The AIIA's Policy Commentary published in June 2009 is entitled "Perspective on Pakistan" aiming to raise public awareness of the contemporary Pakistani issues. The Policy Commentary begins with two public statements; one is President Asif Ali Zardari's inauguration speech, and the other is statement by the Hon Stephen Smith MP, Minister for Foreign Affairs and Trade, addressing future relationship between Australia and Pakistan. Thereafter, three experts contribute essays. Ashutosh Misra, Research Fellow at Griffith University, explains democratisation in Pakistan, Happymon Jacob, Assistant Professor at the University of Jammu, discusses contemporary India-Pakistan relations from Indian perspective, and Salma Malik, Lecturer at the Quaid-i-Azam University, forecasts Pakistan-US relations under the Obama Administration.
The AIIA launched a new Emerging Scholars series promoting the work of young researchers in international affairs in November 2007.
The Emerging Scholars series provides a unique opportunity for young researchers to influence debate in the community on a number of important issues. For the authors, it is a valuable opportunity to publish, often for the first time, and to reach an audience of their peers and elders, many of whom are experts in their fields.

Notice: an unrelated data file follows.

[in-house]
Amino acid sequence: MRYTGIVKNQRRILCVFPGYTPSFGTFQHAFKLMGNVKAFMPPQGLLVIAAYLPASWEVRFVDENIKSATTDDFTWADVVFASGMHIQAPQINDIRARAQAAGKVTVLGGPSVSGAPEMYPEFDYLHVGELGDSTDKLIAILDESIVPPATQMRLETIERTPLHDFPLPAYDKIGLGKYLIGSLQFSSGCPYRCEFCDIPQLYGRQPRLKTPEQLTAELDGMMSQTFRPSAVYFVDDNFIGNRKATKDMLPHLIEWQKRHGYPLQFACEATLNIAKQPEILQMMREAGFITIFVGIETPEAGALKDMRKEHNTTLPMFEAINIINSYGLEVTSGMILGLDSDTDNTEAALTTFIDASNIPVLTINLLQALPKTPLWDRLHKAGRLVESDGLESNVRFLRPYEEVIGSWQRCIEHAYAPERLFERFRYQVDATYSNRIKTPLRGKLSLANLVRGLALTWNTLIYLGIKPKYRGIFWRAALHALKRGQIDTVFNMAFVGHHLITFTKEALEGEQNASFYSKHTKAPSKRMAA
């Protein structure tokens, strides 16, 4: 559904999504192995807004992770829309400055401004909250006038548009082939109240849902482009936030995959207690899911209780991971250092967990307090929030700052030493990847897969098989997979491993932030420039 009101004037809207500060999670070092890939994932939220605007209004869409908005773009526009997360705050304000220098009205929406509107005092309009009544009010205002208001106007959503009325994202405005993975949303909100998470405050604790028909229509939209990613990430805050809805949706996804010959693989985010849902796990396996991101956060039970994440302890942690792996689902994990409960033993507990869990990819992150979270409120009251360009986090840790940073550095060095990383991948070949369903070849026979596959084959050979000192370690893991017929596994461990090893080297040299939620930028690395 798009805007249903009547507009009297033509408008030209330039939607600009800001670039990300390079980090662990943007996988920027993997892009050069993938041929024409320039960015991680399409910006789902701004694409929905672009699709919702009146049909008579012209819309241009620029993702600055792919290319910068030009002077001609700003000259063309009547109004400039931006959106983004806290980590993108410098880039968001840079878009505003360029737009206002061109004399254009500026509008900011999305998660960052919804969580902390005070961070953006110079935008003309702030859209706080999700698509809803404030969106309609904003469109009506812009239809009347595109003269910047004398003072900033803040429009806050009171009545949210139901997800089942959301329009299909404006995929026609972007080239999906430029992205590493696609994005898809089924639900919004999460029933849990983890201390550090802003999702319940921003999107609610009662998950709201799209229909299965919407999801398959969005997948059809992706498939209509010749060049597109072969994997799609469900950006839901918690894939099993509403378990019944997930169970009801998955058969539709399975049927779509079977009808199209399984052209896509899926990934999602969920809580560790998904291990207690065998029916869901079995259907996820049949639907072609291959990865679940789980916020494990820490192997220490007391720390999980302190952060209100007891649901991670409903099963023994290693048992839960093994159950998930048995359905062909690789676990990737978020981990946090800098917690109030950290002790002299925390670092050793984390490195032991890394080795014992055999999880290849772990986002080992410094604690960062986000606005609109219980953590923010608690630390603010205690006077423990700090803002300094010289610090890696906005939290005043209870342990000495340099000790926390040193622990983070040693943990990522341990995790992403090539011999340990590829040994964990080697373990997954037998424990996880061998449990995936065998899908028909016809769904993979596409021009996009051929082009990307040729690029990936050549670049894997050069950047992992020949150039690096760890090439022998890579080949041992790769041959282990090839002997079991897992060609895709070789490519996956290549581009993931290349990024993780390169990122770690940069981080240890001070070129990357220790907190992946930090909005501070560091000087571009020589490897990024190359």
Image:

Community and Youth Engagement
Young Diplomats Program
The AIIA encourages young people to actively engage with international affairs, and seeks to provide as many forums as possible for them to do so. In conjunction with James Cook University, AIIA promotes a Young Diplomats Program for students in year 10 to prepare for and conduct mock international negotiations in a team competition. The program was first introduced in 1996 in 11 Townsville Secondary Schools as a joint project of the AIIA North Queensland Branch, James Cook University and the Queensland Department of Education before being also adopted by the AIIA’s Tasmanian and ACT’s Branch. In Townsville, the Program was revived in cooperation with James Cook University, in 2008 with 8 schools participating. The AIIA National Office held a reception for the winners in Canberra and arranged visits to policymakers and Diplomats to add to the students’ experience.
A number of AIIA Branches offer youth networks for young professionals interested in international affairs including special events, consular visits, youth speakers and mentoring. The AIIA thus fulfils its role in fostering and developing Australia’s emerging young foreign policy professionals.